Gender Perspectives in the 21st Century, Femme Globale International Congress, Humboldt University, Berlin, 8-10 September 2005.

What's Wrong with the Millennium Development Goals?, Michael Clemens and Todd Moss, Center for Global Development, 13 September 2005.

End of oil era in sight, Rifkin warns, Jeremy Rifkin, EUObserver, 13 September 2005.

Shaping the Potential for Global Environmental Governance, International Global Change Research Conference, Bonn, Germany, 9-13 October 2005.

The Millennium Development Goals: how close are we?, by Amir Attaran, Jeffrey Sachs, and others; Science and Development Network, 16 September 2005.

Closing of the U.N. World Summit, IPS News, 16 September 2005.

March Toward MDGs Leaving Millions Behind, IPS News, 16 September 2005.

For more news and information related to global stewardship,
go to the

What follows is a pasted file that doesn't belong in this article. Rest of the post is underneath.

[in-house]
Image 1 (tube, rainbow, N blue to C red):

home page.


Mind & Life
November 8-10, 2005
The Mind & Life Institute, in conjunction with co-hosts Georgetown University Medical Center and Johns Hopkins University School of Medicine, presents:

Mind and Life XIII:
Investigating the Mind 2005
The Science and Clinical
Applications of Meditation
DAR Constitution Hall,
Washington DC
November 8 - 10, 2005

The Dalai Lama will participate fully in all sessions

For conference and
registration information,
click here.


1. Meditation-Based Clinical Interventions: Science, Practice, and Implementation
2. Possible Biological Substrates of Meditation
3. Clinical Research I: Meditation and Mental Health
4. Clinical Research II: Meditation and Physical Health
5. Integration & Final Reflections